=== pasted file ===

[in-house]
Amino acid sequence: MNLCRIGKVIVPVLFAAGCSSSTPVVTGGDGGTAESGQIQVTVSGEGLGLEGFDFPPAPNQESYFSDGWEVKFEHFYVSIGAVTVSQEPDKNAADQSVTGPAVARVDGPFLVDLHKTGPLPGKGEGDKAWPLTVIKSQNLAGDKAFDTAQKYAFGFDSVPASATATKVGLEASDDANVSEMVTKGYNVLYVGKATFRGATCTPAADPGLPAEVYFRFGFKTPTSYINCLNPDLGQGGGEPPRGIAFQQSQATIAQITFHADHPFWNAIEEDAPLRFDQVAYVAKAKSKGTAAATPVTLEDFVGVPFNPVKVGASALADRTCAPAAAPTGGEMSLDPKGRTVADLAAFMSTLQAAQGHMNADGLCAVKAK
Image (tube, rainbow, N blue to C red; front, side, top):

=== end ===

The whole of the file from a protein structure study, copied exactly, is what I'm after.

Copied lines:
[in-house]
Amino acid sequence: MNLCRIGKVIVPVLFAAGCSSSTPVVTGGDGGTAESGQIQVTVSGEGLGLEGFDFPPAPNQESYFSDGWEVKFEHFYVSIGAVTVSQEPDKNAADQSVTGPAVARVDGPFLVDLHKTGPLPGKGEGDKAWPLTVIKSQNLAGDKAFDTAQKYAFGFDSVPASATATKVGLEASDDANVSEMVTKGYNVLYVGKATFRGATCTPAADPGLPAEVYFRFGFKTPTSYINCLNPDLGQGGGEPPRGIAFQQSQATIAQITFHADHPFWNAIEEDAPLRFDQVAYVAKAKSKGTAAATPVTLEDFVGVPFNPVKVGASALADRTCAPAAAPTGGEMSLDPKGRTVADLAAFMSTLQAAQGHMNADGLCAVKAK
Image (tube, rainbow, N blue to C red; front, side, top):